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Tom Wolf
Pennsylvania- Pennsylvania Gov. Tom Wolf announced that $550 million will be used for bridge and highway projects across Philadelphia that will involve paving 235 miles of roads and repairing and replacing 35 bridges. The funding comes from Act 89, a comprehensive piece of state legislation that allocates funding to the Pennsylvania Department of Transportation. 

The construction is expected to extend the service life of highways and bridges around the city and improve infrastructure in the area. The major projects include; I-95 Betsy Ross Ramps and Adams Avenue Connector in Philadelphia, widening U.S. 322 in Delaware County, U.S. 202 bridges over Amtrak in Chester County, replacing the Route 452 bridge in Delaware County, I-95 overhead bridges in Delaware County, rehabilitating the JFK Boulevard bridge in Philadelphia, improving the Pottstown signal system in Montgomery County, resurfacing U.S. 13 (Bristol Pike) in Bucks County and improving the Route 41/Newark Road intersection in Chester County.
Oregon- On Monday, Deschutes County released its proposed $358 million budget for fiscal year 2018. Included in the budget is the Deschutes County Road Department, proposing to spend $650,000 to begin work on improvements to the Old Bend-Redmond Highway corridor to improve traffic flow and to provide an alternative route between Bend and Redmond. These improvements would take place over the next two years. The Road Department is also proposing completion of the Huntington Road/Deer Run Road paving project near the City of La Pine and improvements to the Burgess/Day Road intersection.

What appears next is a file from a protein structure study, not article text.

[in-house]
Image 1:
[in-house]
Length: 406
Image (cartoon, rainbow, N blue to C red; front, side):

The 9-1-1 Service District is proposing completion of a new Public Safety Communications and computer-aided dispatch project. The Deschutes County Sheriff's Office, in partnership with Deschutes County Health Services, other law enforcement agencies and external partners, is proposing the creation of a Crisis Stabilization and Sober Center in Bend to better address the needs of citizens in crisis who have been referred to law enforcement. The operating cost of the proposed program is $1,006,717 and would be shared by county departments and participating agencies. A public hearing and final budget deliberations are scheduled for June 26, at 10 a.m.  
U.S. Department of Transportation Secretary Elaine L. Chao announced that the Federal Aviation Administration (FAA) will provide $527.8 million in airport infrastructure grants to 584 airports across the country as a part of the FAA's Airport Improvement Program (AIP). Various airport infrastructure projects will be covered under the AIP such as runways, taxiways, airport signage lighting and marking. These projects could potentially create thousands of jobs. Airports are promised to a certain amount of AIP funding every year based on passenger volume. If an airport's capital project needs exceed their available entitlement funds, discretionary funding can be provided by the FAA as a supplement. Currently, the FAA is providing discretionary funding to 38 airports based on their high-priority project needs. Some of the airports receiving discretionary grants include: